Updates on the stories of Dr. Tulsi Giri, Kamal Thapa, Shirish Shumsher Rana and Satchit Shumsher Rana
By Bikash Sangraula in the Kathmandu Post (Here is the original article)
They were busy inaugurating functions, issuing orders, formulating ordinances, attending press meets, denouncing the seven opposition parties and pushing King Gyanendra to continue with his “autocratic” rule until janaandalon II swept them away from the political scene. Today, most of the king’s loyal lieutenants are whiling away their time waiting for Godot.
For them, the recent political change is just another “step” by the king. They are certainly down but not out of the game yet.
Kamal Thapa, home minister in the royal government and the prime accused for atrocities committed against the peaceful protestors, said that the king made way for the parties’ roadmap after his own roadmap “for peace and democracy” failed, and the coming days would show whether the new roadmap works.
When asked why the king’s roadmap failed, Thapa said, “It is a matter for research. As an active implementer of that roadmap, I might have my own opinions, which I will make public later.”
But Thapa said that the “alternative roadmap should be given a chance”. When asked why the royalist government had to wait for the people’s movement and the death of 21 Nepalis to give the parties’ roadmap a chance, he said, “Till the last moment, we were absolutely sure that the king’s roadmap would work.”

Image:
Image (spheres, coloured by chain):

Thapa also denied that the previous government unleashed terror on the peaceful demonstrators. He claimed that whatever was done was in accordance with the prevailing law and constitution. When asked whether he spent Rs 500,000 a day to crush the movement, he said, “That is not true. Let the new government furnish proof.”
Meanwhile, Satchit Shumsher Rana, member of the Rajparishad Standing Committee and one of the staunchest proponents of a military solution to the Maoist insurgency, said that he would be ready to comment on Nepali politics in one-and-a-half month’s time.
“They (seven parties) are in power now. They have joined hands with the Maoists. Let’s see whether they succeed,” said Rana, who is a former chief of the army staff. When asked how he sees the royal retreat and the probability of constituent assembly elections addressing the insurgency, Rana said, “I wish them all the best and hope that peace will prevail.”
Meanwhile, Shrish Shumsher Rana, who was minister of state for Information and spokesperson of the royal government, said that King Gyanendra has taken a “step” and it is up to the government to make that “step” a success.
He, however, refused to comment on the King’s “step”. “I won’t give an interview,” he said.
Meanwhile, vice-chairman in the now-scrapped Council of Ministers, Dr Tulsi Giri, refused to make any comment and stated that he was busy shifting residence.
“I will be ready for comments in a couple of days. Right now, I am moving out of government quarters. Let me settle down first,” he said.
Giri, however, noted that as a politician, he has an obligation to answer queries from the press, and he would respect that obligation later. “But, please don’t push me now,” he said, upon being prodded how he sees the royal retreat and the decision of the reinstated House of Representatives to go for constituent assembly elections.